Do you eat duck?

Even if you don’t raise your own like we do, or maybe you hunt wild ones, they are a delicious alternative to chicken.  Variety is the spice of life, right?  There’s no white meat on ducks, it is all dark meat and there’s not a lot of it.  The Rouen ducks we raised dressed out at about 4 1/2 lbs which sounds big for a chicken but a duck that size feeds only 2-4 people. I stuffed it with an apple dressing and roasted it.  But it doesn’t have to end there.  I cooked up the bones to make broth for soup later.  Ducks, being waterfowl are greasier than chickens so when making broth, there’s going to be a lot of fat.  I’m all for leaving fat in most dishes for flavour and vitamins but this is a little too much.

After the broth is strained, and reserving any meat leftover, I put it in the fridge until the fat has solidified then I spoon most of it off.   I don’t throw it away, though!  Duck fat is great for frying potatoes.  Go ahead and use the broth for a good vegetable soup base.  Here’s a delicious, hearty duck soup recipe, perfect for a cold, snowy day.

Duck Soup

clear gel stock remaining from the duck, fat skimmed off
1 tsp salt
1/4 tsp. pepper
Juice of 1/2 small lemon
2 Tbsp. fermented soy sauce
1 quart of diced tomatoes
1/2 tsp. pure vanilla extract
1/2 cup chopped raw turnip or rutabaga
3 medium sized potatoes, cubed
1/2 medium sized onion, chopped
3 small, OR two large bay leaves
1 Tbsp. dried oregano
1/3 cup shredded carrots
1/4 cup pearl or pot barley or lentils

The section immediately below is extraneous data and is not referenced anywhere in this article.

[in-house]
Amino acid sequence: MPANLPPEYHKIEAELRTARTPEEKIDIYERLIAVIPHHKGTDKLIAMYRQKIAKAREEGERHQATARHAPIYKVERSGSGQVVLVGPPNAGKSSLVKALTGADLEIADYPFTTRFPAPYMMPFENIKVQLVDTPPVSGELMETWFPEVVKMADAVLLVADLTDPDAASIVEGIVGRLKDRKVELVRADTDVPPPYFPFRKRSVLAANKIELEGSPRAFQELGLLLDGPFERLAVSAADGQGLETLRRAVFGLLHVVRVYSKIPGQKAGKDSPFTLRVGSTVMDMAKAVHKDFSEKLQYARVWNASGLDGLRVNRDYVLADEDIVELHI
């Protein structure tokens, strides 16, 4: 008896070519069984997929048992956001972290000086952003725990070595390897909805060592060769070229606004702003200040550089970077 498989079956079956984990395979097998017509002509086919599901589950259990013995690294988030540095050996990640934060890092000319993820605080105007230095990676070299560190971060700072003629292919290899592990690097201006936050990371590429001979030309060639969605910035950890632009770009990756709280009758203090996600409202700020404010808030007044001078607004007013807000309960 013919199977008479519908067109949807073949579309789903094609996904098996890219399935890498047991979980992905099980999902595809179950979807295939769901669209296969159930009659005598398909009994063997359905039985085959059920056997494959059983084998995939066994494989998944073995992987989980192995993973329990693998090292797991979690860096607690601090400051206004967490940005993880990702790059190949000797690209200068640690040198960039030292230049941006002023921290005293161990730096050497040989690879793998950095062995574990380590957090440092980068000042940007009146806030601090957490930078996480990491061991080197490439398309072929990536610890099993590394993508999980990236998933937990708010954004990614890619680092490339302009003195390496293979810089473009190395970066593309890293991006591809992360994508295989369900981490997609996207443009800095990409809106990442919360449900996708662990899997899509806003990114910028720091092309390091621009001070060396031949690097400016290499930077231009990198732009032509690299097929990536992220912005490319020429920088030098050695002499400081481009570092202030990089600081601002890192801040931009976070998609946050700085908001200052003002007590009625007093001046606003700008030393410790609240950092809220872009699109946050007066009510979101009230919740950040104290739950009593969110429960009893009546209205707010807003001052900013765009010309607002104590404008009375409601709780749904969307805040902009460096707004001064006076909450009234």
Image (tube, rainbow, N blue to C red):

Reserved duck meat

Simmer slowly, for 4 or 5 hours.  Remove the bay leaves before serving.
I know the vanilla extract is an odd ingredient to find in a soup recipe but it really adds an element to the soup, it just takes it up a notch.

So, do you eat duck?


This post is part of Simple Lives Thursday blog hop, hosted by GNOWFGLINS, Sustainable Eats, Culinary Bliss and A Little Bit of Spain in Iowa.


13 responses

  1. Marg,
    That soup looks wonderful. I can’t wait to try it. We eat duck a few times a year. I purchase them from a place here that raises them organically. They put them on sale once a year and they are about half the regular cost, still pretty expensive.

    I save all that fat and freeze it. Later I use it in recipes. Our favorite is oven fried potatoes using the duck fat. Wonderful!

    Thank you for sharing.

  2. One Christmas there weren’t any turkeys or chickens left, so in desperation I bought a frozen (gasp!) duck. Keep in mind: I’m not a seasoned cook. I stuffed it with apple slices and threw onions, garlic, carrots and potatoes in the pan. The sugar and fat from the bird carmelized the veggies below into candy. Probably could have turned out really bad but it was marvelous. And that’s the story of trying duck and saving Christmas.

  3. Pingback: Ducks and duck eggs. | Prairie Sunrise Homestead

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